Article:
On Holy Saturday I found myself throwing out the first page of my Easter sermon. It wasn't bad -- it just didn't quite lead to the primary meat of the sermon, found on page three, about proclaiming resurrection in the face of killing lies.
But I still like the Easter bilby, and think the Australians are on the right track to declare a vulnerable native species their own mascot for Easter, so here it is:
PROCLAIMING RESURRECTION (page 1)
What if you had to celebrate Easter in the absence of spring – it’s a thought that has probably crossed our minds a few times this year, as snow fell again this week and temperatures have been a little slow to climb.
Of course, as much as we think of Easter as a celebration of spring, there are plenty of Christians in the world who celebrate it without green grass and budding flowers. A whole hemisphere in fact.
You’ve got to feel for them, folks down under. having to proclaim new life in the midst of death. If you were in Australia now, instead of celebrating Easter after the spring equinox for them it is when the days are growing shorter, when the darkness is creeping in and spring blooms are long gone.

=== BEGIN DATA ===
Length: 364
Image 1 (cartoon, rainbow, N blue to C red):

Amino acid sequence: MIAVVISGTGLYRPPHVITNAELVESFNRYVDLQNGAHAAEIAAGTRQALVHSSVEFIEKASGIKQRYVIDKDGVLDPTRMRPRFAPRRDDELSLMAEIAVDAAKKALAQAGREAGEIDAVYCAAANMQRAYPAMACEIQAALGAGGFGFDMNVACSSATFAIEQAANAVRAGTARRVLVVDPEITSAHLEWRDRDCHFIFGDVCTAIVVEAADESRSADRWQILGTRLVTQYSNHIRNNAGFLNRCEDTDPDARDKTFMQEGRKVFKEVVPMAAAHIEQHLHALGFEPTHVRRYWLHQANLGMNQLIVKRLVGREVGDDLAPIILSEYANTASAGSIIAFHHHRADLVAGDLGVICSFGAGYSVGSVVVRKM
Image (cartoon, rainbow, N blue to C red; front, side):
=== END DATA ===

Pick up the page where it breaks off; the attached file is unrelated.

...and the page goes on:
Add to that the problem that the symbol the Western world has chosen for this day is a persistent invasive pest. Yes, in the mid 1800’s three – count them three pair – of European rabbits were introduced to the continent, and within a few generations they were overrun with them. This symbol of fertility, New life springing up turned out to be threat to the things that they most needed – like food.
So a few enterprising Australians have taken matters into their own hands and have begun a campaign to replace the Easter bunny with the Easter bilby.
What is a bilby? A bilby is a native marsupial, It’s kind of cute – think aardvark crossed with a field mouse with really big ears. OK, maybe not as cute as a white rabbit, but definitely cuter than your average house mouse that shows up unwelcome in your kitchen cabinets.
The bilby, unlike the bunny, is native, and it’s having a rather hard time these days. There are probably fewer than a thousand left in the outback, and Australians figure that if new life in the midst of death, celebrating the resurrection in the midst of autumn needs a small mammal as its mascot, the bilby is it.
After seeing snow on the ground we too might wonder whether Easter might need better timing here in Minnesota, but if you think about it, proclaiming new life in the midst of a dying planet is what we do all the time.